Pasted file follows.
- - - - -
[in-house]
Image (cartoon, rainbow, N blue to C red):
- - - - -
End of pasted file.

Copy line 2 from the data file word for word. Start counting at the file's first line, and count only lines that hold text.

Image (cartoon, rainbow, N blue to C red):